Pierre Robin’s sequence


Pierre Robin syndrome is a condition present at birth in which an infant has a very small lower jaw, a tongue that tends to fall back and downward, and a soft cleft palate. The syndrome is also called Pierre Robin complex or sequence.


* Cleft soft palate * High-arched palate * Jaw that is very small with significant receding chin * Jaw placed unusually far back in the throat * Large-appearing tongue in relation to jaw * Natal teeth (teeth appearing when the baby is born) * Recurrent ear infections * Small opening in the roof of the mouth, which causes choking


The specific causes of Pierre Robin syndrome are unknown. It may be part of many genetic syndromes. The lower jaw develops slowly over the first few months of life before birth, but speeds up during the first year after birth. The falling back of the tongue may cause choking episodes and feeding and breathing difficulties, especially when the child sleeps.


There is no known prevention. Treatment may reduce the number of episodes of breathing problems and choking.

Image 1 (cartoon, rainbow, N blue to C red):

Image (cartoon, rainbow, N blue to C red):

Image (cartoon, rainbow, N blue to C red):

Prenatal ultrasonic examination may show findings to indicate the possibility of Pierre-Robin sequence alerting the physician to be prepared at birth for the possibility of the baby having breathing and feeding problems.


The prognosis for individuals with Pierre-Robin sequence varies with the severity of symptoms and if it is associated with other congenital abnormalities. The more severe the symptoms and associated congenital abnormalities, the greater the risk of complications. The rate at which the lower jaw starts to catch up in growth depends on the cause of Pierre-Robin sequence. The majority of children with the isolated type will achieve near normal jaw size within a few years of birth. If Pierre-Robin sequence is part of a syndrome that has a small jaw, the jaw may remain small throughout life.


Infants with this condition should NOT be put on their back, so that the tongue does not fall back into the airway. Problems associated with this syndrome tend to get better over the first few years as the lower jaw grows to a more normal size. In moderate cases, the patient requires placement of a tube through the nose and into the airways to avoid airways blockage. In severe cases, surgery is needed to prevent upper airways obstruction. A tracheostomy (surgery to make a hole in the windpipe) is sometimes required. Feeding must be done very carefully to avoid choking and breathing liquids into the airways.